We all know about recycling, re-using stuff which might otherwise have been thrown away (and we all know that there is no “away”, don’t we?) and “upcycling” is the next refinement of the idea. Many of my favourite examples are in the arts and crafts area – Waste to Wonder‘s inner-tube jewellery, for instance – but the National Gallery of Victoria’s Triennial (Dec 2017 – April 2018) had some extreme examples.
May I present, with thanks and apologies to the artists, curators and judges of the Percival Portraits exhibitions at Riverway and the Perc Tucker Gallery, Percival?
I spotted him on the bank of Ross River just below the Pinnacles Gallery while I was musing on the exhibition I had just seen: many wonderful photographs and a wide varity of approaches to portraiture but a strangely narrow range of … species.
Homo sapiens without exception.
Dull, really – even though Homo sap is my own species (and no, I won’t get side-tracked into whether we really deserve the “sapiens”).
Furthermore, if the whole concept of the portrait is to depict a person, then surely it is another example of our mildly unhealthy habit of thinking of people as somehow separate from the rest of the animal kingdom, the rest of the natural world.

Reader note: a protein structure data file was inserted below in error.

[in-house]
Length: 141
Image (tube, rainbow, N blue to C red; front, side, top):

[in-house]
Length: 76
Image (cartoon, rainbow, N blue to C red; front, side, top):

And there was this handsome gentleman, posing for his portrait as though he knew what I was thinking …
Climate change is a science-heavy issue with enormous social and political implications so it makes sense that responses to it come from all sorts of people in all sorts of media. This little collection looks at visual art.
There was an excellent exhibition of art inspired by climate change in Melbourne a couple of months ago. It was reported on ABC TV’s 7.30 and that report is now available as video and transcript at http://www.abc.net.au/7.30/content/2012/s3416543.htm. (The video is also on YouTube.) Metro Gallery’s page about its show doesn’t add much but does mention a film of the project, which could be worth tracking down, too.
Looking for it a few minutes ago, I came across an American sculptor, Nathalie Miebach, who translates climate numbers into colourful artworks which look more like intriguingly complicated toys than anything else. Read the article here and, if you like, click through to the associated photo gallery.
I have known the work of street artist Banksy for quite a long time but I haven’t mentioned it on Green Path before. Here is his graphic comment on global warming.
Political cartoons are also art, of a kind, and that is my excuse for squeezing Climatesight’s collection of cartoons http://climatesight.org/image-collection/ into this post. Here’s a sample from it to encourage you to investigate further:
P.S. (27.3.12) I just found a couple more here – scroll down to the bottom of the page.